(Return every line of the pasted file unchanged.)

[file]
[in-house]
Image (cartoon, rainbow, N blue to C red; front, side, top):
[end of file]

[in-house]
Image (cartoon, rainbow, N blue to C red; front, side, top):